US Release Date: 06-21-2002
Directed by: Steven Spielberg
- Tom Cruise, as
- Detective John Anderton
- Colin Farrell, as
- Detective Danny Witwer
- Steve Harris, as
- Max von Sydow, as
- Director Lamar Burgess
- Samantha Morton, as
- Kathryn Morris, as
- Lara Anderton
- Jessica Capshaw as
Tom Cruise in Minority Report.
It's the year 2054 and Tom Cruise is a police detective in Washington DC working for an experimental department called 'Precrime'. With the help of three precog's they are able to see and thus prevent murders before they occur. The department has been so successful that not a single murder has taken place in its six-year history. As the program is just on the brink of being implemented nationwide it is predicted that Cruise's detective will commit murder himself. Suddenly we are in the middle of an action thriller with the former cop now on the run.
What follows is a quick paced rather convoluted series of close calls as our hero daringly alludes capture in his search for the truth, which he hopes will abdicate him of any guilt. The plot has more twists than a bag of pretzels. Some of them are glaringly obvious, others just plain ridiculous and a few precious moments offer brilliant entertainment. The scene in the mall with the female precog is the high point of the movie.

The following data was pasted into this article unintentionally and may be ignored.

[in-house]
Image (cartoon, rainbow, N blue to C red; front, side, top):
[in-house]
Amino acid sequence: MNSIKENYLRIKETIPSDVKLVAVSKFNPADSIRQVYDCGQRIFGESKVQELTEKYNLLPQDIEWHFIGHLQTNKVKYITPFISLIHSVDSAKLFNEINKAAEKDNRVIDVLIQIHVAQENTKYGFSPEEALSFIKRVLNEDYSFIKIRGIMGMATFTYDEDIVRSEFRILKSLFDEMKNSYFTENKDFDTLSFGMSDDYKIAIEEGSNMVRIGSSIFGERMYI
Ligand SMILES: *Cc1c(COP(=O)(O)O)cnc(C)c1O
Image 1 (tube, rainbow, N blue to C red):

The futuristic sets are by now too familiar. You know there will be fancy looking hi-tech computers and vehicles that go up and down the sides of buildings. The electronic spiders that help the police hunt for criminals by reading their retina scans are well done. But the red balls that show the names of the criminals and their victims looks like a cheesy lottery drawing.
Spielberg has gotten darker and more adult in terms of content but seems to have slipped a little in his story telling abilities. Cruise is Cruise is Cruise. Some things never change.
Unfortunately what should have been riveting entertainment with a thought provoking political statement about where we, as a society, are heading, instead takes the lowbrow path of least resistance. How can a murder that never happens be a crime? At what point does the intention to kill become murder? These questions are only briefly pondered before being permanently pushed to the back burner. The two most powerful men in movies are content to ignore these issues and instead give us an all too familiar story of good cop - bad cop.
Tom Cruise in Minority Report.
Maybe it was because all I was expecting of this movie was action and eye candy, that I enjoyed it much more than Patrick. Spielberg is a great storyteller, but when he starts pontificating by trying to throw meaning into his movies, he just comes off pretentious. Unlike A.I., in Minority Report he sticks to the plot and the action.
In fact, Minority Report is the least Spielbergian, Steven Spielberg movie yet. I was going to say that it has more violence and gore than any of his other movies, but I guess Saving Private Ryan's infamous first twenty minutes win that prize. Although where that movie was aiming for realism and shock, the violence and gore here are played strictly for entertainment purposes. One briefly funny scene involves two eyeballs rolling across the floor.